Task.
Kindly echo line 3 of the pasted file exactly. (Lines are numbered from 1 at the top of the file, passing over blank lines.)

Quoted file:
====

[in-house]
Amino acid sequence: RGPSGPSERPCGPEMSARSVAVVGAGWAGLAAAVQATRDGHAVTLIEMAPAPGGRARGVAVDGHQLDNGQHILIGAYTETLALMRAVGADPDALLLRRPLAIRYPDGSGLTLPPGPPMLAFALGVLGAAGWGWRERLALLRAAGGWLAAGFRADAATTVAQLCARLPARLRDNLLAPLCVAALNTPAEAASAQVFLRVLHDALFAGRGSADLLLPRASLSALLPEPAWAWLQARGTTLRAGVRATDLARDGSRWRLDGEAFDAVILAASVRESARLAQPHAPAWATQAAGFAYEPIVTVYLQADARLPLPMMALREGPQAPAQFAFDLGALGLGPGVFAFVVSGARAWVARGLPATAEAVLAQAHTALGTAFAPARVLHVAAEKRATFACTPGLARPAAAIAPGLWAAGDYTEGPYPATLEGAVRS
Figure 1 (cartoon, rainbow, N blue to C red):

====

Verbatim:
Figure 1 (cartoon, rainbow, N blue to C red):